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Resignation after drug test not dismissal: FWC

A FORMER power plant employee has failed to persuade the Fair Work Commission that he was constructively dismissed after two positive drug screenings prompted him to tender his resignation during the company’s disciplinary procedure.

The former rail safety operator filed a claim for unfair dismissal after failing a random drug test at Alinta Energy’s Port Augusta power plant in South Australia, 36 hours after taking amphetamines by his own admission.

The random drug screening returned positive results twice on the same occasion, prompting the company to investigate the matter in line with its zero-tolerance approach to drug use in the workplace.

Learning from a representative of the Construction, Forestry, Energy and Mining Union (CFMEU) that he would likely be dismissed without receiving any pro rata long service leave entitlements, the employee opted to resign from his position during his disciplinary interview.

In a hearing before the Fair Work Commission’s Senior Deputy President O’Callaghan, Alinta Energy argued the employee had no grounds for an unfair dismissal claim because he had resigned.

However, the employee argued his decision to resign amounted to constructive dismissal, citing that he ‘had no choice’ but to resign.

Following his position claiming dismissal, the employee said his dismissal was unfair because Alinta Energy had failed to properly train him in the company’s safety policy, which he believed to have included a ‘three strikes’ rule.

Alinta Energy, however, provided evidence showing the employee had been trained in the significance of the company’s zero-tolerance policy for drug use.

Further, the employer argued that in line with its policy, a dismissal resulting from the presence of drugs was not harsh, unjust or unreasonable.

In considering the situation, Senior DP O’Callaghan commented that Alinta Energy did have reasonable grounds for dismissing the employee.

“Given the nature of its business as a power generator, together with the equipment used and work functions undertaken by employees, a zero tolerance approach to drug and alcohol use in the workplace is both reasonable and required,” Senior DP O’Callaghan stated.

“In this respect I am satisfied that termination of employment in circumstances where an employee returns a ‘non-negative’ test result could be expected, depending on Alinta Energy’s assessment of the particular circumstances of an employee.

Further, he further determined the employee had not been dismissed in the first place.

“In these circumstances I am satisfied that Alinta Energy was properly following its disciplinary practices procedures and, at the time at which [the employee] sought to resign, had not advised him of the termination of his employment,” Senior DP O’Callaghan said.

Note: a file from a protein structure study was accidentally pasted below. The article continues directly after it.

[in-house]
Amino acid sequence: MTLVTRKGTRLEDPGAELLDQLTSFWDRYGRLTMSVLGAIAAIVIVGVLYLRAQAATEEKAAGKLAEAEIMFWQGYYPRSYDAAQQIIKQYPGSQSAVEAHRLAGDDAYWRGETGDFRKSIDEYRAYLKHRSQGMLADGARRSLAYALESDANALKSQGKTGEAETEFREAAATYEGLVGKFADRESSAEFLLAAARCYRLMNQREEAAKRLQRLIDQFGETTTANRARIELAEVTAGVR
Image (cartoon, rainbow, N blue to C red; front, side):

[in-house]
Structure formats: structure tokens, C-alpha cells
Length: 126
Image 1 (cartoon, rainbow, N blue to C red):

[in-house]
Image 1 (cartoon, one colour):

“It would be inherently unfair to conclude that a reasonable and fair investigation process represented a course of action intended to force an employee to resign simply because, in this circumstance, the employee had no excuse for their significant misconduct.

“…I have concluded that [the employee] resigned in order to protect termination payments that would otherwise not be available to him given that he agreed that he had used drugs, failed the drug test and not provided any mitigating circumstances.”

On grounds the employee had not been dismissed, the application for unfair dismissal was dismissed.

Click here to read the full decision.

Implications for Employers

In an industry where heavy machinery, explosive materials and molten metals are core components of operation, AREEA members are well aware of the risks posed by employees working under the possible impairment of drugs and alcohol.

This case highlights the importance and benefit of having a clear and concise company policy regarding drug and alcohol screenings, as well as the disciplinary procedures resulting from positive test results.

After several previous cases where employers’ drug and alcohol testing procedures have been questioned or interfered with by various commissioners, this case also represents a much welcome endorsement for a ‘zero tolerance’ approach to drugs and support for managerial rights to manage such safety risks.

AREEA’s workplace relations consultants can help AREEA members develop company codes of conduct to protect workers from risks associated with drug and alcohol use. Contact your local AREEA office for more information.

Additionally, AREEA members will also benefit from workforce training and reporting systems that ensure employees are well informed of such company policies. AREEA Training & Development offers specialised health and safety training to resource industry employers throughout Australia. Contact 1800 627 771 to speak to an AREEA training consultant.

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